Ireland's One Stop Baby Sling Shop
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Sling Safety



Introduction to Babycarrier Safety

Babywearing can be completely safe and offers many benefits to both the parents and child.

When choosing any product for your child it is important to consider its safety and the following advice covers the most important aspects of baby carrier safety.

Select a quality carrier

It is essential to purchase a carrier from a reputable supplier who has a specific expertise in babywearing and understands which carriers are best suited to babywearing.

It is possible to purchase carriers that are inherently unsafe. Some carriers are available that do not hold a child in an optimum position and any carriers that support the child in a horizontal position or do not maintain a clear airway should be avoided. Counterfeit carriers are readily available in Ireland at a lower cost than their original counterparts and are often of an inferior quality than the carriers that they intend to copy. It is also possible for them to contain toxic or harmful chemicals which is of particular concern as children like to suck the straps of carriers. If a branded carrier is being sold at a lower price than expected then it is a cause for suspicion. If unsure if a supplier is selling genuine carriers it is best to contact the manufacturer as they maintain a list of approved suppliers and can quickly confirm if their genuine carriers have been supplied.

While some carriers may have passed safety standards it is important to understand that the safety standards are designed to address structural safety and a carrier passing a particular standard alone does not mean that it will be comfortable for the child or parent or that it holds the child in the best position to maximise their development.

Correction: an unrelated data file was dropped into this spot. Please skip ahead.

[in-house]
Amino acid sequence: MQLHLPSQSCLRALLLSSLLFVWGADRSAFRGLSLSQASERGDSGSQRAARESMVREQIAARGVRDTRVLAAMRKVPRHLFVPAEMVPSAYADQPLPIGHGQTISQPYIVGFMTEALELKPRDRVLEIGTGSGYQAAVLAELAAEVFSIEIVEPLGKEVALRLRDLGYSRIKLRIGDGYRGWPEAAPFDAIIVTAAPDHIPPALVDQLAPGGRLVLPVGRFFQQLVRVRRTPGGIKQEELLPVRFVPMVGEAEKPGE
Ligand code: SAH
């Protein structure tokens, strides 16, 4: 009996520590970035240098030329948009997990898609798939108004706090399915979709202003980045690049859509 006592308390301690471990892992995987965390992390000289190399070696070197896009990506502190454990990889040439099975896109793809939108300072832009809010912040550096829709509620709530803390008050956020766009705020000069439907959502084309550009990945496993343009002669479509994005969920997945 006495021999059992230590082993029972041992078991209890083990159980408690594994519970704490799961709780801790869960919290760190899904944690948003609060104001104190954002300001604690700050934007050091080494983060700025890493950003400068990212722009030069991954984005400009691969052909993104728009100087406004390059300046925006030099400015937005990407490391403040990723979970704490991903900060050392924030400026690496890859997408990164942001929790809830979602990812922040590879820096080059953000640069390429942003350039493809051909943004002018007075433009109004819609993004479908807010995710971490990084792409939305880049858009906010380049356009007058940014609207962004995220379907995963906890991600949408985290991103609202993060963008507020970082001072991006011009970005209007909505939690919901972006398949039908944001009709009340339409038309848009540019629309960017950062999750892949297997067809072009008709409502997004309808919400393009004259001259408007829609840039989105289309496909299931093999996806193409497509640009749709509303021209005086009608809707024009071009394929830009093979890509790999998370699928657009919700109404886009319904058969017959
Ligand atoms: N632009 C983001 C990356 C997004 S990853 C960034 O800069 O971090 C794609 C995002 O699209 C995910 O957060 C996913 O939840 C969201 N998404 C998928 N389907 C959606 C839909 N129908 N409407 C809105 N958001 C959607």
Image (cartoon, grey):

Koalacubs Quality Carriers

Koalacubs only supply babywearing products and this allows us to concentrate on maintaining an expertise in babywearing.. We are in our fourth year of supplying quality carriers and have had a significant experience with most of the baby carriers available. We have carefully selected each of the carriers that we stock and only offer high quality carriers that fulfil the following requirements:

1) The carriers are provided by well known manufacturers that are respected in the babywearing community and have been providing baby carries for a long time.

2) The manufactures have demonstrated a genuine interest and commitment to the provision of quality carriers and offer an acceptable level of support to our customers.

3) The carriers are designed to hold your child in the optimum positron to provide them with the support that they need to develop and are capable of providing comfort for the wearer.

4) The carriers have received positive feedback from our customers, most of whom love their new carriers.

5) Before stocking a carrier, we test it to ensure that it meets our high quality standards and we only stock carriers that we are happy using with our own children.

Second hand carriers

While there is a good market for second hand carriers and it is often an opportunity to pick up a bargain it is important to take additional precautions to ensure the that the carrier is fit for purpose:

1) Try to establish where the carrier was purchased and that it is a genuine product
2) Try to establish the history of the carrier and when it was originally purchased. Avoid any carriers with an unknown history and avoid carries that are more than a few years old.